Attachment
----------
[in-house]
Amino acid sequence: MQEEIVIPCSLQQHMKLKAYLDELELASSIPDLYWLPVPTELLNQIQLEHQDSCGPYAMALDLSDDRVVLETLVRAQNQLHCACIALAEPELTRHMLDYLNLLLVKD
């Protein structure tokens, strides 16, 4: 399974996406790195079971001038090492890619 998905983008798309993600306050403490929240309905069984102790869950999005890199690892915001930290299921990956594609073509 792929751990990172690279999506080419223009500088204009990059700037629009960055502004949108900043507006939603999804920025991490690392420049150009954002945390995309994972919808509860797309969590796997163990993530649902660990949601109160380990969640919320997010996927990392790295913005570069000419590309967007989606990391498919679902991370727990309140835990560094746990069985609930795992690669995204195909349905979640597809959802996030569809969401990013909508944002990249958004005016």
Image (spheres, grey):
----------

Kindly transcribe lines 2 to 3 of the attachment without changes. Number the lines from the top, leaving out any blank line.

Amino acid sequence: MQEEIVIPCSLQQHMKLKAYLDELELASSIPDLYWLPVPTELLNQIQLEHQDSCGPYAMALDLSDDRVVLETLVRAQNQLHCACIALAEPELTRHMLDYLNLLLVKD
């Protein structure tokens, strides 16, 4: 399974996406790195079971001038090492890619 998905983008798309993600306050403490929240309905069984102790869950999005890199690892915001930290299921990956594609073509 792929751990990172690279999506080419223009500088204009990059700037629009960055502004949108900043507006939603999804920025991490690392420049150009954002945390995309994972919808509860797309969590796997163990993530649902660990949601109160380990969640919320997010996927990392790295913005570069000419590309967007989606990391498919679902991370727990309140835990560094746990069985609930795992690669995204195909349905979640597809959802996030569809969401990013909508944002990249958004005016």